That being said, I'm not a doctor and everyone is different, so do your own due diligence before jumping on the Modafinil-hype-train.
Is Modafinil Bad For Bipolar?
It has been shown that Modafinil can exacerbate bipolar disorders, so it should be taken with caution, if you're bipolar.
The way Modafinil works is by boosting the brain's dopamine system.
In bipolar people, when there is hyperactivity in the "reward" part of the brain, dopamine does not get released as much as it should.
When there is not enough dopamine released it can lead to a manic episode.
This may mean that people who use Modafinil may become manic and go into a full-blown mania without even realizing it because their brains don't release enough dopamine on their own.
Modafinil will more than likely not cause bipolar, because Modafinil is a pure stimulant.
However, it's not impossible that someone who was already bipolar may turn into a full-blown mania.
Modafinil can be dangerous for those with bipolar depression, because it may exacerbate those types of symptoms.
If you're feeling depressed while taking Modafinil and the depression won't go away, discontinue use
Is Modafinil Bad For Your Kidneys?
Modafinil is known to cause a change in kidney function tests (some of which are very rare.)
Some users have reported that they have experienced mild kidney pain, dark urine, while others have reported no side effects on the kidneys at all.
A person's body may react differently to Modafinil than another person who uses the same dosage or even higher dosage.
The reason why you may be experiencing these side effects is because the drug causes your kidneys to excrete excessive amounts of dopamine into the urine.
Modafinil also causes a decrease in levels of dopamine when it is used for an extended period of time.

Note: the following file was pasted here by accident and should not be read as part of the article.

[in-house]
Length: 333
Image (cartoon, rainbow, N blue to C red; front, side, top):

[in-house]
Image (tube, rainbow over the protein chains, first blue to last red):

Modafinil works by boosting your brain's own production of dopamine, which will last throughout the day and improve cognitive functions.
If your dopamine levels are high your kidneys will try to compensate by removing excess amounts of it from your body through urination.
That being said, Modafinil has shown no long-term damage or permanent kidney damage when used as prescribed for the treatment of narcolepsy or sleep apnea.
Modafinil seems to have few to no effect on the kidneys, though it may be risky when used for extended periods of time or if you're in an emergency situation where your kidneys are already severely compromised.
Modafinil is generally a very safe drug to use, and most people won't experience any side effects from it.
- https://pubmed.ncbi.nlm.nih.gov/10505821/ (Health-related quality of life effects of modafinil for treatment of narcolepsy)
- https://www.ncbi.nlm.nih.gov/books/NBK548274/ (Clinical and Research Information on Drug-Induced Liver Injury)
- https://www.ncbi.nlm.nih.gov/pmc/articles/PMC2815156/ (Evaluation of modafinil effects on the cardiovascular system)
- https://pubmed.ncbi.nlm.nih.gov/18729534/ (Approved and investigational uses of modafinil : an evidence-based review)